Pakistan, US top civil and military leaders discuss bilateral ties, regional security

2019-05-30T164606Z_486045579_RC1250AFD490_RTRMADP_3_PAKISTAN-MILITARY-SPYING-(Read-Only)
Pakistan Army Chief General Qamar Bajwa held telephonic talks with US Secretary of Defence Lloyd Austin on bilateral ties. Image Credit: Reuters/file

Islamabad: Pakistan’s top civil and military leaders discussed bilateral cooperation and regional developments and agreed to advance practical collaboration on matters of shared interest.

On Monday night, US Secretary of Defence Lloyd Austin held a phone conversation with Pakistan’s Chief of Army Staff, General Qamar Javed Bajwa to discuss shared regional interests and objectives.

“Secretary Austin reiterated his appreciation for Pakistan’s support for Afghanistan peace negotiations and expressed his desire to continue to build on the US–Pakistan bilateral relationship,” according to the US Defence Department readout. The two also discussed “regional dynamics and shared interest in security and stability in the region.”

The interaction came soon after the first in-person high-level interaction between the national security advisors of Pakistan and the United States in Geneva, Switzerland, since the Biden administration took office.

Pakistan’s National Security Advisor (NSA) Moeed Yusuf and his counterpart National Jake Sullivan during their meeting reviewed “a range of bilateral, regional, and global issues of mutual interest and discussed ways to advance practical cooperation” according to the White House statement. Dr Yusuf added that both sides had a positive discussion and “agreed to continue the conversation to advance cooperation in Pak-US bilateral relations.”

Pakistan’s NSA earlier expressed the desire that Islamabad looks forward to building a “truly bilateral relationship” and a new economic partnership with Washington. Dr Yusuf urged the US to look beyond Afghan prism as Pakistan wants a relationship with the US, which is broader in scope, and includes trade and investment. The country’s new vision is to prioritise “development partnerships, not assistance”, he said.

The high-level meetings took place days after Foreign Minister Shah Mahmood Qureshi held meetings with a group of US lawmakers during his brief visit to New York on May 20 where he stressed that Pakistan was interested in a broad-based, strategic partnership with the US.

Positive development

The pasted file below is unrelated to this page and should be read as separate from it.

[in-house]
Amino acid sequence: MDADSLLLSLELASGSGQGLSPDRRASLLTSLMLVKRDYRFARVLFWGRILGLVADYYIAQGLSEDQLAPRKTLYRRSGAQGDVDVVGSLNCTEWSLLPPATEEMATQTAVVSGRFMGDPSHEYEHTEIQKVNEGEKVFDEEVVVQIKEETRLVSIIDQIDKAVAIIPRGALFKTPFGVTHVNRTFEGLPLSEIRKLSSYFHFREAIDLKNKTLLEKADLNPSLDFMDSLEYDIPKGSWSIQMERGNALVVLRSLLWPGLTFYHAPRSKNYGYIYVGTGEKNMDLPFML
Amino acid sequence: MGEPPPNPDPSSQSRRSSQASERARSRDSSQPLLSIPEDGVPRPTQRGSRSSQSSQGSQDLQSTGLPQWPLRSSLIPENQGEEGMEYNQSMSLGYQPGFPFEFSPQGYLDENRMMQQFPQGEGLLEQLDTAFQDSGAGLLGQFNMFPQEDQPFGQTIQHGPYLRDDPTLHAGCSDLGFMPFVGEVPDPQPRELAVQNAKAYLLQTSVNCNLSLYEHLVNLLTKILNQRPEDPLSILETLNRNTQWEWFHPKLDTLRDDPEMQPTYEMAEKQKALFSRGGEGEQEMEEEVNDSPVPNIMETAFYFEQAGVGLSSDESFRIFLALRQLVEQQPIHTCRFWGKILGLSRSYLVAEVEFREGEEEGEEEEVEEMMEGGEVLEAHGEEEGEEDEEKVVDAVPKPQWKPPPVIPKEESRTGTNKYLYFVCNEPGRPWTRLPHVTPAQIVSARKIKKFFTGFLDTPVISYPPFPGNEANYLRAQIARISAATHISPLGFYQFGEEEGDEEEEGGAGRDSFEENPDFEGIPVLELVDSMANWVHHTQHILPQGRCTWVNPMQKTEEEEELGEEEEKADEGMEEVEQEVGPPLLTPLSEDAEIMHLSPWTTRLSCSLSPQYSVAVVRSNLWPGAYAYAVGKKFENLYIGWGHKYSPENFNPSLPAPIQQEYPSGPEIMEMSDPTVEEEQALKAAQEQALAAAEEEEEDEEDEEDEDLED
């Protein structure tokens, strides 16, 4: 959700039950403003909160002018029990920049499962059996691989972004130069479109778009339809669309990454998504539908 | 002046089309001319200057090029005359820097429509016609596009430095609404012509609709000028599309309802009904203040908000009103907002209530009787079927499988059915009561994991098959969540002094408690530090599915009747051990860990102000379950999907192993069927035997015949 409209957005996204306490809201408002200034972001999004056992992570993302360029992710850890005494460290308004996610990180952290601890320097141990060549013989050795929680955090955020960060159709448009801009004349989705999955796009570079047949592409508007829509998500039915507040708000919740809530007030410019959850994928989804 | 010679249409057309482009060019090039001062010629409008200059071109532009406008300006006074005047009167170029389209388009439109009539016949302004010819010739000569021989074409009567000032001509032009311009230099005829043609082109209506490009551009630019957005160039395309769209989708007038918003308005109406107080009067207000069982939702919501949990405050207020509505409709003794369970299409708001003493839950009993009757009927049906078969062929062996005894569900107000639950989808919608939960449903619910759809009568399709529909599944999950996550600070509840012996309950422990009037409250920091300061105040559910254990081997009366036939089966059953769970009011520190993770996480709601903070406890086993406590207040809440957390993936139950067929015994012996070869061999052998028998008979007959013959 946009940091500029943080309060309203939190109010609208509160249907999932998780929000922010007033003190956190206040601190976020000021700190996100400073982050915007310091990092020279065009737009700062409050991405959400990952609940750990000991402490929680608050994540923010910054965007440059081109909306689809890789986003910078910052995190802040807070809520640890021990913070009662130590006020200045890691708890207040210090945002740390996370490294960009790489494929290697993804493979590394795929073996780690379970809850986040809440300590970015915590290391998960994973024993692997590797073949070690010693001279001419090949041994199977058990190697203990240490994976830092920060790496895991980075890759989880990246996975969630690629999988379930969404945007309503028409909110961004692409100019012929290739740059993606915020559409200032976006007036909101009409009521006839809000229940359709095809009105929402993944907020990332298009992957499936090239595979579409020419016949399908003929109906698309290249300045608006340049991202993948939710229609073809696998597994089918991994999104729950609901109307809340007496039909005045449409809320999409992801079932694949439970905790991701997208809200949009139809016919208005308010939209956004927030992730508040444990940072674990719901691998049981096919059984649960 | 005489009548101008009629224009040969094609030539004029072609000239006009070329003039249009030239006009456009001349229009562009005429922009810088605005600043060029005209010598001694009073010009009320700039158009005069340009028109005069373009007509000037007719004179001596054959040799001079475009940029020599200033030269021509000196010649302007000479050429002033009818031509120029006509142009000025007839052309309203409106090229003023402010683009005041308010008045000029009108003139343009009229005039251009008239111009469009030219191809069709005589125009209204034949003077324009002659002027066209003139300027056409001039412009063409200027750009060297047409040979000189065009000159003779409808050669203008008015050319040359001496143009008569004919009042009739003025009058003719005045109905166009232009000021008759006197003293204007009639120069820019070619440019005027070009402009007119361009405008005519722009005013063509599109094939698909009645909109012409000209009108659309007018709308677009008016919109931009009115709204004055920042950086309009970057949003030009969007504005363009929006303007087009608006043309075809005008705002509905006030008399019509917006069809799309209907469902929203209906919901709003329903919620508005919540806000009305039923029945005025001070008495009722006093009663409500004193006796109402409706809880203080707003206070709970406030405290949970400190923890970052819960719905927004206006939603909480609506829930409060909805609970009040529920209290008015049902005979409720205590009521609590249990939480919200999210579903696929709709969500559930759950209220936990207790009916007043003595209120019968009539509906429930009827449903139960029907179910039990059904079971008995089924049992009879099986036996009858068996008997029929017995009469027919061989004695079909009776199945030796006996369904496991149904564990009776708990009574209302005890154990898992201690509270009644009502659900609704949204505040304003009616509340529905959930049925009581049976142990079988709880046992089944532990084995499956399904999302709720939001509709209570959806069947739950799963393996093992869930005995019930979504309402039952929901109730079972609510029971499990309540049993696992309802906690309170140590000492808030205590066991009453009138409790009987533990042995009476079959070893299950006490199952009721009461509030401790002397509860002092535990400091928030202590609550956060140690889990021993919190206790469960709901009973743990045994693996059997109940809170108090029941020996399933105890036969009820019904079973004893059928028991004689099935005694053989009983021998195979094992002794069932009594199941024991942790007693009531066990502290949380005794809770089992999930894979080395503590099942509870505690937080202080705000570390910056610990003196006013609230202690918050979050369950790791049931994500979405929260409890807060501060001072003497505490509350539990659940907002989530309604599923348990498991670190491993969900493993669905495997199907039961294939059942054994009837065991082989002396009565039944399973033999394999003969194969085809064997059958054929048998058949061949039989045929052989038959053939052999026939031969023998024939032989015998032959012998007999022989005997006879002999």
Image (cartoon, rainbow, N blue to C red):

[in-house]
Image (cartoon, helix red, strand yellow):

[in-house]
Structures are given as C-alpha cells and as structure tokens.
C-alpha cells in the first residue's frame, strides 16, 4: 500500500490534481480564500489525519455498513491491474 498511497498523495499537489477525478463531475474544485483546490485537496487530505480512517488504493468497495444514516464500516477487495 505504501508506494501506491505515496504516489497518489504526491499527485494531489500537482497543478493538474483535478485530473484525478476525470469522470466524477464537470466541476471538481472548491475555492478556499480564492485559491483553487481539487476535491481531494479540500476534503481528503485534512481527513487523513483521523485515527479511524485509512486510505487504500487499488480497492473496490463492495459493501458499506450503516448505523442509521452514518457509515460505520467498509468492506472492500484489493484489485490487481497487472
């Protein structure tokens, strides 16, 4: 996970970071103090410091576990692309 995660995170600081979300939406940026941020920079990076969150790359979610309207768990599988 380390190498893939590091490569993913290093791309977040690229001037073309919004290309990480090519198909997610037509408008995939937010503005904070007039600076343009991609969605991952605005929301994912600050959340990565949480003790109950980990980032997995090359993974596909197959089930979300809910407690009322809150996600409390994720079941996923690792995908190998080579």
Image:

Experts termed the recent interactions “positive development” between the two countries as part of an understanding on regional development. “The meetings indicate that there is close consultation between Pakistan and the US on bilateral issues as well as on the evolving Afghanistan situation,” Ali Sarwar Naqvi, a former diplomat, told Gulf News. “American administration is fully cognisant of the importance of Pakistan in the region” in the wake of crucial development in Afghanistan. “Pakistan wants to diversify its ties with the US and improve economic cooperation. However, Afghanistan remains a critical area of cooperation until the orderly departure of US troops” said Naqvi, who has served in Washington, Vienna, London, Paris and Brussels during his 36 years in Pakistan’s foreign service.

Commenting on the development, former ambassador Asif Durrani, said the focus of conversation may be on Afghanistan currently due to US troops withdrawal, however, there is wider scope for broadening the partnership since “Pakistan is an important regional country, a nuclear power, and a country at the crossroads of South and Central Asia” adding that the United States is aware of this fact.

No US military base in Pakistan: FO

Meanwhile, Pakistan Foreign Office (FO) has denied the presence of any US military or air base in Pakistan, stating that any speculation is “baseless and irresponsible”. Pakistan FO spokesperson Zahid Hafeez Chaudri clarified: “There is no US military or air base in Pakistan, nor was any such proposal envisaged.” He also added that Pakistan and the US have a framework of cooperation in terms of Air Lines of Communication (ALOC) and Ground Lines of Communication (GLOC) in place since 2001. “No new agreement has been made in this regard” he stressed.

The statement was issued after a Pentagon official said that Pakistan had allowed the US military to use its airspace and offered ground access to support US military presence in Afghanistan. American military presence in Afghanistan will end on September 11, 2021, following Biden’s decision to withdraw all US troops.

“Pakistan has played an important role in Afghanistan. They supported the Afghan peace process” said David Helvey, Acting Assistant Secretary of Defence for Indo-Pacific Security Affairs. “We will continue our conversations with Pakistan because their support and contribution to the future of Afghanistan, to future peace in Afghanistan, is going to be critical,” he added.